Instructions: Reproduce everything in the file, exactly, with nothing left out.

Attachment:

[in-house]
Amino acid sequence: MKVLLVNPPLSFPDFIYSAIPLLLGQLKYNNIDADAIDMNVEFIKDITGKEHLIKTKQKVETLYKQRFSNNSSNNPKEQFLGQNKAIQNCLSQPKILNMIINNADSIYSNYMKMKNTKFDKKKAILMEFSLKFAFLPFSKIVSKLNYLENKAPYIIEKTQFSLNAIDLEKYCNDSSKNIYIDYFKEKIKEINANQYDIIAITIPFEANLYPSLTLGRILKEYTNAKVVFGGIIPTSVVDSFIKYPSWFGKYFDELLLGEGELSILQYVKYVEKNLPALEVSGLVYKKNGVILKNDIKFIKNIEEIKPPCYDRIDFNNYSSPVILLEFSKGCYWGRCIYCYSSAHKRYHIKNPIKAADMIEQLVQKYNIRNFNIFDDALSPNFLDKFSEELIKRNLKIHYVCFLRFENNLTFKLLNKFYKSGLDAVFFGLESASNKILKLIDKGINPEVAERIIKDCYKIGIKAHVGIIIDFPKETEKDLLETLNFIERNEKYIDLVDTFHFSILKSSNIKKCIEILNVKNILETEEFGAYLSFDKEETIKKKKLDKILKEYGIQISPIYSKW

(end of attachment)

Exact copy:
[in-house]
Amino acid sequence: MKVLLVNPPLSFPDFIYSAIPLLLGQLKYNNIDADAIDMNVEFIKDITGKEHLIKTKQKVETLYKQRFSNNSSNNPKEQFLGQNKAIQNCLSQPKILNMIINNADSIYSNYMKMKNTKFDKKKAILMEFSLKFAFLPFSKIVSKLNYLENKAPYIIEKTQFSLNAIDLEKYCNDSSKNIYIDYFKEKIKEINANQYDIIAITIPFEANLYPSLTLGRILKEYTNAKVVFGGIIPTSVVDSFIKYPSWFGKYFDELLLGEGELSILQYVKYVEKNLPALEVSGLVYKKNGVILKNDIKFIKNIEEIKPPCYDRIDFNNYSSPVILLEFSKGCYWGRCIYCYSSAHKRYHIKNPIKAADMIEQLVQKYNIRNFNIFDDALSPNFLDKFSEELIKRNLKIHYVCFLRFENNLTFKLLNKFYKSGLDAVFFGLESASNKILKLIDKGINPEVAERIIKDCYKIGIKAHVGIIIDFPKETEKDLLETLNFIERNEKYIDLVDTFHFSILKSSNIKKCIEILNVKNILETEEFGAYLSFDKEETIKKKKLDKILKEYGIQISPIYSKW